Have the indicator examiner left and move the probe down one interspace at a time. It is very important to stop and watch a breath with each move. It is wrong to continually slide the probe hoping to spot something on the move. With the width of the curvilinear probe it only takes two vertical passes to complete the anterior chest. Wipe the gel and repeat the process on the other side.
After the anterior exam, the patient turns so his back is to the examiner and gel is placed in the right supra-scapular area and then the right paraspinal, mid-back, and posterior axillary lines below the scapula (again, apply the gel from top to bottom). Finally, gel the mid-axillary line as well and have the patient return the hand to the top of the head.
The first part of the usual posterior exam is finding the kidney in the costo-vertebral angle with a parasagittal orientation of the probe, as shown in the following image. This is covered in more detail in the kidney chapter.
There are two reasons to do this. First, it makes sure the probe is below the diaphragm, which is important because this location is very sensitive for finding a pleural effusion. Second, it is important to become good and efficient at finding the kidney in this location. This is a nice long axis kidney view that is sometimes better than the coronal long axis view from the sides. Here is an image of the kidney obtained in this area. Notice there are no interfering ribs. The depth was increased to 15 cm to have the kidney fill the sector.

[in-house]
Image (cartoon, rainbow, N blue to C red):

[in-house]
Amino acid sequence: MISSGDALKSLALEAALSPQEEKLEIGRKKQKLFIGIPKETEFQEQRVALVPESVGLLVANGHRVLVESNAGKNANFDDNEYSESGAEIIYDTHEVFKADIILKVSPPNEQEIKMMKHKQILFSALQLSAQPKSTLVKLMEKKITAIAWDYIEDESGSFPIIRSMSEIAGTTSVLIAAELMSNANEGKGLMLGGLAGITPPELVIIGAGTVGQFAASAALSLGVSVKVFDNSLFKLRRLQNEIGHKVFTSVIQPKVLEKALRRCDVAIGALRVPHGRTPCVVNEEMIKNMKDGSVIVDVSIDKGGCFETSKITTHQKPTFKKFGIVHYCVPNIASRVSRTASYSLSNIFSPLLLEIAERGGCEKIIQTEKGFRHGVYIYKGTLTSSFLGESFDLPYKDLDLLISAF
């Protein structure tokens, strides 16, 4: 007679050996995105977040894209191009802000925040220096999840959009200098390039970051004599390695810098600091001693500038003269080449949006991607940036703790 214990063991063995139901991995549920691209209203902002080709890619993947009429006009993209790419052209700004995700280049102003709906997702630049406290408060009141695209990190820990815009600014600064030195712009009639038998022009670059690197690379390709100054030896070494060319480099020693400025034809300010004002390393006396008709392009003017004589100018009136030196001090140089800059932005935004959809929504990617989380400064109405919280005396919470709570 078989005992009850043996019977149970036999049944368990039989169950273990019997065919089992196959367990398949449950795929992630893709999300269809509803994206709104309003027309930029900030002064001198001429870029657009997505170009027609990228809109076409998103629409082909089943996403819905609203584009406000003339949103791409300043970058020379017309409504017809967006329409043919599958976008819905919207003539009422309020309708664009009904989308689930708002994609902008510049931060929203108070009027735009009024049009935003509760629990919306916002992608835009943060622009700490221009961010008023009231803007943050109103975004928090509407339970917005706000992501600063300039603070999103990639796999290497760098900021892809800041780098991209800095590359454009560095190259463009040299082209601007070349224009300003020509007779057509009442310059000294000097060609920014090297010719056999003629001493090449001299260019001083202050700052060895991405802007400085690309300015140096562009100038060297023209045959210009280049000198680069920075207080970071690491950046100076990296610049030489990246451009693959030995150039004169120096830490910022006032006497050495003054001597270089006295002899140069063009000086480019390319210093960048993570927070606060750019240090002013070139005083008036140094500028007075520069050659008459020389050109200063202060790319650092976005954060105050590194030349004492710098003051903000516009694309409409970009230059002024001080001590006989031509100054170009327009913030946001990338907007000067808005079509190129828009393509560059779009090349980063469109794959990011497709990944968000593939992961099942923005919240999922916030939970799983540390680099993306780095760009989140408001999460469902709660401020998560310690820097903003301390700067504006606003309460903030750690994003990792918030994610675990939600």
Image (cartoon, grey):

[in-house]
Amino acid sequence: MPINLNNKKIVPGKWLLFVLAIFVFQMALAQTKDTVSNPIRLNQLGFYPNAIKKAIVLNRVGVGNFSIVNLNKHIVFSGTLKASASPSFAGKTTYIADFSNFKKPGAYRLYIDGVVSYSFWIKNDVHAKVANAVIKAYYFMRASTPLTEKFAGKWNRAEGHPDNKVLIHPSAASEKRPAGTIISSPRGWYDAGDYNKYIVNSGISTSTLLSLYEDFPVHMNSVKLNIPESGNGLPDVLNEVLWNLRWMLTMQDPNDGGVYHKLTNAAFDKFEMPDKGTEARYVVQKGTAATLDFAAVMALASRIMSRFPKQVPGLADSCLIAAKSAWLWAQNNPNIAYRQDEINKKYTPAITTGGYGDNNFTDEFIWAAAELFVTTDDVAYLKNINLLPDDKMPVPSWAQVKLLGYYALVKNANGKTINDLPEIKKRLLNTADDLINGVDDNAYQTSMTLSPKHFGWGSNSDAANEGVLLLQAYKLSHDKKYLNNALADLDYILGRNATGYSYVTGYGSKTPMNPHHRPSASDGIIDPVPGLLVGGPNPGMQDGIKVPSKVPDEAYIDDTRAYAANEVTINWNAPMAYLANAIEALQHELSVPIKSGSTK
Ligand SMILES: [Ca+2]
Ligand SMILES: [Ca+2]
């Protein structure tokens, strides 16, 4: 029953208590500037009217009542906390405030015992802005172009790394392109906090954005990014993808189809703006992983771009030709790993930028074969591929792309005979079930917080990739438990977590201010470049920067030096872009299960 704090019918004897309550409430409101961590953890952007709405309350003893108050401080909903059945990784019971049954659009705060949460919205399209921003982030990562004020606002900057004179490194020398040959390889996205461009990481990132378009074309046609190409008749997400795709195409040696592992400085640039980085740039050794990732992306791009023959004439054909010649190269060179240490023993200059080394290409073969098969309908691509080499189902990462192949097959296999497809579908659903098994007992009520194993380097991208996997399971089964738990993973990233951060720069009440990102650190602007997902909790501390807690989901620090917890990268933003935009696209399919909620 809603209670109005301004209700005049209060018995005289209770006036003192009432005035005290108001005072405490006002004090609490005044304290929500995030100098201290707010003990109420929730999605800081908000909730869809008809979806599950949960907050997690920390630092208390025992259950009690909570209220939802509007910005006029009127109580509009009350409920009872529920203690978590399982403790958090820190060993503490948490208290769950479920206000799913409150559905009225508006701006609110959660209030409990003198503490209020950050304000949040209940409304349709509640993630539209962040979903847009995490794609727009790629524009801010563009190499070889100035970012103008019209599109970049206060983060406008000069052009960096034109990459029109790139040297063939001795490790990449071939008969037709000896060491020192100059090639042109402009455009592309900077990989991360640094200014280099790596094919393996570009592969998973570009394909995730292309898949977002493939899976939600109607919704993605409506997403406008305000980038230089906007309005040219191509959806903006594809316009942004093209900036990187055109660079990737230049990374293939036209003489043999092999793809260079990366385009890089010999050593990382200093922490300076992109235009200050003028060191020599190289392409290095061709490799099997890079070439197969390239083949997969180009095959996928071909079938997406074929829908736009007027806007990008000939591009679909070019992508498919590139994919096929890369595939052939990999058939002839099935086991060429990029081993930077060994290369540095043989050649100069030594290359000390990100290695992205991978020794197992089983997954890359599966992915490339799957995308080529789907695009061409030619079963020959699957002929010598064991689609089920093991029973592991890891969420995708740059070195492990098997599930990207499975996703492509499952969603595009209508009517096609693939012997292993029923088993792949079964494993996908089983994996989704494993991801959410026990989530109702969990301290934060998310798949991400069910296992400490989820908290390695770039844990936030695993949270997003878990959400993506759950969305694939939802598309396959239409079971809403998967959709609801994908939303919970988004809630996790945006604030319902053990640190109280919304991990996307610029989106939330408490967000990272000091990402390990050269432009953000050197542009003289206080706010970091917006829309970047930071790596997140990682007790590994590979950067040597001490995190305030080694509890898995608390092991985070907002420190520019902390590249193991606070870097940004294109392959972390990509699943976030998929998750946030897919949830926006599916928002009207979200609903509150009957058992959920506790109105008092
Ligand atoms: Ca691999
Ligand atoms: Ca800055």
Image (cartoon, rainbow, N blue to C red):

After viewing the kidney, move up one probe width looking for a pleural effusion. The parasagittal orientation easily shows the height of a pleural effusion. Here is a moderate pleural effusion that was seen in this location. The depth was moved to 18 cm to more fully see the pleural effusion.
After the pleural fluid evaluation, switch the probe to the transverse intercostal orientation and restore the depth to 13 cm. Keep the indicator examiner left and cover the posterior chest in 3 vertical passes, plus the suprascapular area. There is enough gel on the chest to never leave the chest with the probe.
Finally, complete the mid-axillary line imaging with a single vertical pass in the intercostal orientation. If pleural effusion is seen at the bottom, switch the probe to parasagittal to see the height of the fluid. The gel is then cleared from the first side of the chest and the process is repeated on the other side.
Below is an image that shows the approximate surface projections of the main lobes of the lung. Document localized findings with “lobe terminology”, such as “posterior, superior, RLL” or “lateral RML” to correlate with radiograph and CT imaging reports of the lung. This approach is also easier than trying to use numbered lung segment terminology.